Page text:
Tuesday, October 24, 2017

Rondell White: Two Autographed Cards

Last week, my favourite baseball player of all time, Tim Raines, was in town to celebrate his Hall Of Fame induction and appear on local TV shows, notably Tout le Monde En Parle. Raines was one of the few former Montréal Expos who were as good elsewhere as they'd been in Montréal, winning two World Series titles with the New York Yankees; Gary Carter (New York Mets), Andre Dawson (Chicago Cubs), Pedro Martinez (Boston Red Sox) and Vladimir Guerrero (Anaheim Angels, Texas Rangers) also come to mind.

Few are hated by more than one fan base, though. Such is the case for Rondell White, who had a disappointing turn after signing a free agent contract with the Yankees and, after redeeming himself with the San Diego Padres by going to the 2003 All-Star Game, failed to deliver with the Minnesota Twins - some even ranking him among the worst players in the team's history.

In Montréal, White had a respectable 742-game career:
420 Runs Scored
808 Hits
165 Doubles
101 Home Runs
384 RBI
88 Stolen Bases
.293/.348/.480 Slash Line
19.2 bWAR
Had it not been for poor injury luck, he probably would have been an All-Star in the Canadian Sin City as well. He surpassed the 100-game mark only three times with the Expos, in 1995 (130), 1997 (151) and 1999 (138). That 1997 team was probably the best he'd played on, possibly a pitcher or two away from a playoff berth, what with White, Martinez, and Guerrero leading the way and David Segui (1B), Mike Lansing (2B), Mark Grudzielanek (SS), Henry Rodriguez (LF), and Darrin Fletcher (C) providing additional bats and Carlos Perez, Dustin Hermanson, Marc Valdes, Ugueth Urbina, and Anthony Telford helping out on the mound (apologies to a twilight-of-his-career Lee Smith).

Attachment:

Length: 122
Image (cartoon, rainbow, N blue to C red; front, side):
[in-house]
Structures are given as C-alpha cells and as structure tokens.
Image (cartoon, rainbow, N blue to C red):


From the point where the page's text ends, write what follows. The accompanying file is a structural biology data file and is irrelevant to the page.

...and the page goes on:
White makes for the perfect addition as #22 in my Expos Numbers Project, with these two cards, first #50 from Pinnacle Brands' 1996 Score set, wearing the grey (away) 1990s uniform:
And here he is wearing the blue alternate/Spring training t-shirt, on card #240 from Upper Deck's 1999 Victory set:
He signed both in blue sharpie, probably in 2003.

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